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How We Die 

click to enlarge 583 people died on March 27, 1977 at the Tenerife (Canary Islands) airport when two Boeing 747s like this one collided in aviation's worst accident. Yet it's still 140 times safer to fly than drive. - ADRIAN PINGSTONE, WIKIMEDIA COMMONS
  • Adrian Pingstone, Wikimedia Commons
  • 583 people died on March 27, 1977 at the Tenerife (Canary Islands) airport when two Boeing 747s like this one collided in aviation's worst accident. Yet it's still 140 times safer to fly than drive.

We recently visited a friend who lives near Tillamook, Ore., within the local tsunami zone. I was struck by her fear that when (not if) an undersea earthquake off the Oregon coast set off a huge tsunami, she and her family would be swept away. "It's all they talk about around here," she said.

It's certainly good to be aware of tsunami risks. No doubt the death toll from Japan's 2011 Tohoku earthquake would have been much higher in the absence of basic safety information and planning. Nearly 1,900 people lost their lives in that event, which makes it one of the worst natural disasters in modern times. On the other hand, this event - the strongest known earthquake to hit Japan - was responsible for the death of about one Japanese in 70,000. That's about the same as a U.S. citizen dying from a bee or wasp sting, and about 10,000 times less than the odds of dying of cancer.

If you have relatives in the Midwest or East Coast (or, speaking personally, in the U.K.) you've probably been regaled with earthquake warnings. It's only a matter of time, apparently, until the next really Big One hits, and you're crazy for living here. You may indeed be crazy (who am I to judge?), but not because you don't worry about death by seismic action. The 1989 Loma Prieta quake, for instance, resulted in just 63 deaths. That's less than a week's worth of California traffic fatalities.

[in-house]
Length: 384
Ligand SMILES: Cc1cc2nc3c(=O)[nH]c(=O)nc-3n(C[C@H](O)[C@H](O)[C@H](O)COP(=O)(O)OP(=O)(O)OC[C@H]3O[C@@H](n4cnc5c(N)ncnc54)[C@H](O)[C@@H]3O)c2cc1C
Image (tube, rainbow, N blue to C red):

Those whose business is risk management would find these examples trivial. Most of us, however, tend to magnify the risks we hear about, the theatrical, newsworthy events - air crashes, for example - while downplaying the everyday ones, like traffic deaths. Also, we tend to play up (by a factor of up to 1,000!) the risks that we have no control over (flying, say) over those we do (such as driving), which leads in this case to an exaggerated fear of flying. Do the numbers: Driving kills about one person per 70 million passenger miles; domestic flying results in about one death per 10 billion passenger miles. That is, you're about 140 times safer flying than driving the same distance.

So, how will you die? Most likely, as you probably know, is death from heart disease (1 in 6) or cancer (1 in 7). Despite the risk of driving vs. flying, you're still quite unlikely to die (1 in 88) as a result of a vehicle accident (compared with a plane accident, 1 in 7,000). How about dangers that the media is constantly reminding us about? Drowning only accounts for 1 in 1,100 deaths; 1 in 10,000 of us will be electrocuted, while 1 in 120,000 people will die from a dog bite. Shark attacks, beloved of the tabloid press, on average account for one human death, per year worldwide (while we humans kill 100 million sharks annually). Compare that to the 1 in 112 of us who will take our own lives, suicide being twice as common as homicide.

Finally, how about those flooding and earthquake risks? Your risk of dying by flooding, including tsunamis, is about 1 in 170,000; while 1 in 150,000 of us will meet our maker as a result of an earthquake. I guess I'll take my chances in our tsunami-seismic-ridden paradise.

Barry Evans (barryevans9@yahoo.com) considers his odds of being fatally hit by a bus in Mexico at approximately 100 percent.

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